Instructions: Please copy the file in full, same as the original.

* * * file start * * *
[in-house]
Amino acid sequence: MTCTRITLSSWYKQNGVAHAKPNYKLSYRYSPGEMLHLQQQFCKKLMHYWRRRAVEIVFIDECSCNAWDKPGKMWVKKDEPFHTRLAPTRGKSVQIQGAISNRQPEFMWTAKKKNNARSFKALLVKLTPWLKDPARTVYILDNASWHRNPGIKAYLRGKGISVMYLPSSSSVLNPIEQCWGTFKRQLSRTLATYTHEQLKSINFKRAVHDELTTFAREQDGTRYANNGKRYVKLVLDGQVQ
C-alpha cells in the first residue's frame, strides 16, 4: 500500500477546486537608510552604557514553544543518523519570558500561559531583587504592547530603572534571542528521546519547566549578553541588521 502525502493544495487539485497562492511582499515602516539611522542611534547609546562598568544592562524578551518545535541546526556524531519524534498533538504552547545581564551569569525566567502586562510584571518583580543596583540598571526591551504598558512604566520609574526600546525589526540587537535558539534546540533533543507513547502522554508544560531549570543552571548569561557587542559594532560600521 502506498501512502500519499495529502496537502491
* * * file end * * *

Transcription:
[in-house]
Amino acid sequence: MTCTRITLSSWYKQNGVAHAKPNYKLSYRYSPGEMLHLQQQFCKKLMHYWRRRAVEIVFIDECSCNAWDKPGKMWVKKDEPFHTRLAPTRGKSVQIQGAISNRQPEFMWTAKKKNNARSFKALLVKLTPWLKDPARTVYILDNASWHRNPGIKAYLRGKGISVMYLPSSSSVLNPIEQCWGTFKRQLSRTLATYTHEQLKSINFKRAVHDELTTFAREQDGTRYANNGKRYVKLVLDGQVQ
C-alpha cells in the first residue's frame, strides 16, 4: 500500500477546486537608510552604557514553544543518523519570558500561559531583587504592547530603572534571542528521546519547566549578553541588521 502525502493544495487539485497562492511582499515602516539611522542611534547609546562598568544592562524578551518545535541546526556524531519524534498533538504552547545581564551569569525566567502586562510584571518583580543596583540598571526591551504598558512604566520609574526600546525589526540587537535558539534546540533533543507513547502522554508544560531549570543552571548569561557587542559594532560600521 502506498501512502500519499495529502496537502491